It’s a protein. Small building blocks of natural acids - 'amino' acids - form together as we metabolise to build pretty much everything on us. Keratin, muscle, skin - these are all animal proteins.
In the same way, gluten is a natural support protein found in cereals. Its two building blocks (glutenin and gliadin) spontaneously join into long chains when flour hits water. The resulting elastic is sticky and stretchy, and the wetter it gets, the stronger it becomes. It traps hot gas as the bread rises, making a ciabatta light and fluffy not sad and stodgy. Gluten makes bread. I like bread.
Gluten is inherent to many carbohydrate staples such as wheat, rye and malt. However, it is not present in purified rice flour, for example, which is what many of the exorbitant gluten-free breads are made from. Their refinement means they spike blood sugar levels beyond what we would normally lump into the 'health-food' category.
Coeliac disease: When cutting out gluten is necessary
Gluten intolerance sucks. It rules out the usual culprits: bread, crackers, pasta, couscous, oats, cereals, cakes, cookies, most thickened yoghurts, salad dressings. It also eliminates beers and ciders, vodka, malt vinegar, soy sauce, and frozen meals.
Coeliac disease is a condition in which the body’s immune system recognises gluten the same way it might a virus or pathogen, and attacks it. It’s called an autoimmune disease because the small intestine, which absorbs gluten molecules with other macronutrients, is also attacked by the body’s defences. It’s not fun. Because of the abundance of gluten within a few grams of starch, the destruction of the lining of the intestine causes bloating, diarrhoea, swelling, vomiting, which in severe cases can lead to death.
Chronic coeliac diets require a separation between gluten-containing surfaces and utensils and gluten-free ones. Ultimately, if one doesn’t have an intolerance, keeping up with the non-gluten trendies gets very costly very quickly.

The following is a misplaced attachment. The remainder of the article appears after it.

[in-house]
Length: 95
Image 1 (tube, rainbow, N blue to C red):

Coeliac disease affects approximately only 1% of the world’s population. We are subscribing to misrepresented data - and it costs us a load. The US gluten-free market is approaching $7 billion. According to Forbes, that’s more than double Donald Trump's net worth.
In short, I'm not convinced these foods are more nutritious, or delicious, than their non-logoed counterparts. Their refinement has associated them with an uptick in Type II diabetes. They are highly purified, often imported, support multinationals and can thwart local crafters.
So why do I feel bloated when I eat bread?
The world’s growing need for more food for ever more mouths has led to a sad number of cut corners, especially in the developing world. Gameau's That Sugar Film struck many as a horror story narrating the additives and nasties pumped into our health-food staples. That post-sarmie bulge may be brought on by flour improver, or another suspiciously common ingredient: modified corn starch. This modification is what gives the corn its emulsive properties and is achieved by treatment with sodium/potassium hydroxide, electricity or heating.
After doing an introduction to artisanal breadmaking under Babette of Babette's Bread, I’ve become a big fan of stoneground flour, particularly rye for its flavour. The closer to home it’s milled, the better. One slice of the good stuff - yes, hot, and with butter - is filling enough. The protein content in good flour slows digestion and adds satisfaction. I don’t live in an ideal world where I can bake my own loaves weekly, but where I can twist my Mum's arm to join me for a day of kneading, I do.
Alone abroad can't be about 'finding oneself'. Not realistically.
There is a crafty idealism to the millennial belief (I am not exempt here) that shoving one's savings into a one-way ticket out also buys the licence to stumble across one's calling.
It begs the question: Out?
Out of where?
I've been running arounf remotely for nearly half a year now, and despite assuring myself I would have plenty of time to work, blog, earn, catch planes and take sunset snaps in a variety of exotic locations, what has been strongly reinforced that there is nothing glamorous about being in transit.
And with a grungy sort of glory, I revel in that.
With nowhere mandatory to be, and nobody to keep arrangements with, experiences in transit are fluid and shaped almost exclusively by people I have chanced upon in a moment of good humour.
With enough time, and the right eyes, everybody has the potential to be revolutionary. It's the underlying premise of projects like Humans of New York, and why National Geographic has the power to humanise politics with something so simple as a front-page headshot. Of course, this rose-tinted view of our fellow man disperses in our over-peopled reality: we do not extract the life story of every librarian and dentist we come across.